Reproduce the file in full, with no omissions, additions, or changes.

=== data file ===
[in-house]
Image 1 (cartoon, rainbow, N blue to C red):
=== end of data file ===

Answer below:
[in-house]
Image 1 (cartoon, rainbow, N blue to C red):